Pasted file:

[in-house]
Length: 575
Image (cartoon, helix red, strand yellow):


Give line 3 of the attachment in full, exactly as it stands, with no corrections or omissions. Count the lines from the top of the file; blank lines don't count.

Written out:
Image (cartoon, helix red, strand yellow):